The warning results from the error. When you changed the operationId property, you also changed the Operation object which is a non-negotiable object within the OpenAPI Specification. Since operationId is no longer there, the matching built-in rule (operation-operationId) triggered a warning. That warning in detail:

  • [2] bundled.yaml:33:5 (the issue is somewhere on line 33 near the 5th character).
  • Operation object should contain operationId field (there should be a particular field here).
  • Warning was generated by the operation-operationId rule (the rule that prompted the warning).

To make your definition valid again:

  • Read the warning description to work out what's wrong.
  • Check the OpenAPI Specification's defined field names for the Operation object (hint: you cannot name it operationIdentifier ).
  • Change it back to operationId and you'll fix both the warning and the error because the unexpected operationIdentifier property is gone.

To check that everything is correct, run the lint command again. If you see the following, congratulations - your definition is valid again!

No configurations were defined in extends -- using built in recommended configuration by default.

validating bundled.yaml...
bundled.yaml: validated in 44ms

Woohoo! Your OpenAPI definition is valid. 🎉

split - Divide your large definition into smaller parts

This command splits a single OpenAPI definition file into its constituent parts, enabling you to follow the multi-file approach to API docs. This approach makes it easier to deal with a definition file that has become too large or too complex to manage as a single file. But don't worry, the bundle command brings everything back into a single file when you're ready to publish your definition.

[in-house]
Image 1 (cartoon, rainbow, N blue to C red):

In your terminal, type the following command. We'll output the constituent files into a new folder called bundled to keep things neat and tidy, but you could also specify an existing folder:

$ redocly split bundled.yaml --outDir bundled

You should get this response:

Document: bundled.yaml is successfully split
  and all related files are saved to the directory: bundled

bundled.yaml: split processed in 76ms

So, what just happened? Take a look in the newly created bundled directory. That's where the magic is! See how the split command automatically broke the single API definition into its constituent parts and very kindly organized them in the new directory?